Supporting transition of informal sector to formal sector critical action for a broader revenue base


The Coronavirus pandemic is just one of the multiple shocks that have hit the continent in recent years – including the Ebola epidemic in Guinea, Liberia, and Sierra Leone in 2014, the fall armyworm invasion since 2017 and the locust infestation in eastern Africa in 2020.

Beyond the lockdown strategies, governments across Africa also adopted macro-level policies – including fiscal, monetary, exchange rate, and balance of payment policies – to mitigate the socioeconomic impacts of the pandemic and the health-related restrictions.

To increase these public investments, experts say African governments must find sustainable ways to broaden their revenue base and increase the efficiency of revenue collection. One critical action will be supporting informal sector actors to transition into the formal sector.

In  Zimbabwe – the informal workforce, which comprises 85% of the total workforce, is struggling to recover from Covid-19 induced lockdowns which first started in March last year. Players in the informal sector, which continues to fight for recognition, saw its workers often treated like criminals by local authorities.

Since the collapse of industry due to the hyperinflation crisis of the 2000s, the informal sector has formed the backbone of the economy. Despite that there is a lack of political will in our country to support an informal economy.

Therefore enabling their access to technologies and financial facilities will help them to raise their productivity and business growth and increase employment, all of which will add to the available revenue needed for investment for the future.

Research has noted that traders are often forced to engage in informal trade because of barriers to entering the formal sector, including difficulty in getting access to traveling documents or trading licenses, excessively long waiting times at borders, overcharging by customs officials and inadequate knowledge of official procedures.

In a bid to broaden up its revenue base the treasury introduced a 2% tax on all electronic transactions in 2018. Previously Deputy Reserve Bank Governor Kupukile Mlambo said it has also managed to bring in the informal sector which normally does not pay taxes. But now these people in the informal sector have been affected by the current macroeconomic distortions which have literally depleted their disposable incomes.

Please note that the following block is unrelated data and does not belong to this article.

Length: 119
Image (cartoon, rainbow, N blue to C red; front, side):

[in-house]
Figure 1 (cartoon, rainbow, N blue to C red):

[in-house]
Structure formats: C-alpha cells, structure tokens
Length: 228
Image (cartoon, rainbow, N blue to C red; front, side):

Usually informal players do not have to deal with the plethora of regulation and fees that formal players have to bear. With the Zimbabwean dollar using its buying most informal players are now preferring and charging their goods and services in hard currency so as to remain viable. However they are still accepting the local currency but a premium rate higher than that of the auction rate which forces consumers to pay using the US dollar. So the government needs to lure the informal sector to register and formalise so as to harness the foreign currency which is circulating in the informal economy as taxing them especially at this time will not work.

Last week RBZ said it will start to sell foreign currency to registered bureaux de change (BDC) for on-selling to their customers. This follows an earlier resolution by the Monetary Policy Committee directing bureaux de change to actively participate in the foreign exchange market to meet the foreign currency needs of small-scale enterprises and individuals.

The bureaux de change is required to comply with the agreed terms of engagement which include supporting small transactions up to a maximum value of US$500 per transaction. This will help to jumpstart the informal sector with its players who are still nursing the wounds of the previous lockdown.

Also the banking system needs to build and restore trust with depositors as informal players are reluctant to hold large amounts of US dollars in the banks for fear that they could not access them or worse, be converted in an instant to local currency. This is evidently seen by recent media reports on house break-ins highlight just how much foreign currency certain households are prepared to hold ‘under the mattresses’.


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